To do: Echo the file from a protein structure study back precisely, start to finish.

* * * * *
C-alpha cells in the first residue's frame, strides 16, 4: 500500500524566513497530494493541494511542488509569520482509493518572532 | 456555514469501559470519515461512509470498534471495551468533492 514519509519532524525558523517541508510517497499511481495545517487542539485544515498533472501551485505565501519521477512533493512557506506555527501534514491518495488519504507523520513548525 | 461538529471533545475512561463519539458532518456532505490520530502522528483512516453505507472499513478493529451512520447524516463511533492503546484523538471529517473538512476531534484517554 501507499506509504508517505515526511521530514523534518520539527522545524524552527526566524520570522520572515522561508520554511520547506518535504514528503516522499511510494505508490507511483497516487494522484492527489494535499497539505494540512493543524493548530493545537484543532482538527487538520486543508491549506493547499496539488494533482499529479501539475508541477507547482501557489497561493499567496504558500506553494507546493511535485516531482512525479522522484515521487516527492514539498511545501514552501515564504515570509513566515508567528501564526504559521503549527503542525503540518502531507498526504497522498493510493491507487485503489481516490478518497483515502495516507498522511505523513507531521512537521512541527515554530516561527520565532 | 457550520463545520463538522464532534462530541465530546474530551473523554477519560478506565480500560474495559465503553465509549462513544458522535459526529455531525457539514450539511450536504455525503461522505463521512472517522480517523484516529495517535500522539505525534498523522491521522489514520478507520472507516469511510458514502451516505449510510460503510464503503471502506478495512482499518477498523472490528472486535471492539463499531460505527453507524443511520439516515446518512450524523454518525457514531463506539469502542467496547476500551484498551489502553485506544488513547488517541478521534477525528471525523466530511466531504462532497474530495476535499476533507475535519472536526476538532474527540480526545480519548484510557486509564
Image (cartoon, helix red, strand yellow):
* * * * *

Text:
C-alpha cells in the first residue's frame, strides 16, 4: 500500500524566513497530494493541494511542488509569520482509493518572532 | 456555514469501559470519515461512509470498534471495551468533492 514519509519532524525558523517541508510517497499511481495545517487542539485544515498533472501551485505565501519521477512533493512557506506555527501534514491518495488519504507523520513548525 | 461538529471533545475512561463519539458532518456532505490520530502522528483512516453505507472499513478493529451512520447524516463511533492503546484523538471529517473538512476531534484517554 501507499506509504508517505515526511521530514523534518520539527522545524524552527526566524520570522520572515522561508520554511520547506518535504514528503516522499511510494505508490507511483497516487494522484492527489494535499497539505494540512493543524493548530493545537484543532482538527487538520486543508491549506493547499496539488494533482499529479501539475508541477507547482501557489497561493499567496504558500506553494507546493511535485516531482512525479522522484515521487516527492514539498511545501514552501515564504515570509513566515508567528501564526504559521503549527503542525503540518502531507498526504497522498493510493491507487485503489481516490478518497483515502495516507498522511505523513507531521512537521512541527515554530516561527520565532 | 457550520463545520463538522464532534462530541465530546474530551473523554477519560478506565480500560474495559465503553465509549462513544458522535459526529455531525457539514450539511450536504455525503461522505463521512472517522480517523484516529495517535500522539505525534498523522491521522489514520478507520472507516469511510458514502451516505449510510460503510464503503471502506478495512482499518477498523472490528472486535471492539463499531460505527453507524443511520439516515446518512450524523454518525457514531463506539469502542467496547476500551484498551489502553485506544488513547488517541478521534477525528471525523466530511466531504462532497474530495476535499476533507475535519472536526476538532474527540480526545480519548484510557486509564
Image (cartoon, helix red, strand yellow):